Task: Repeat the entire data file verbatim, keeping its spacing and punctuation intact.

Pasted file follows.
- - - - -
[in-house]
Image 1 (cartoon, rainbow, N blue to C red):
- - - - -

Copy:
[in-house]
Image 1 (cartoon, rainbow, N blue to C red):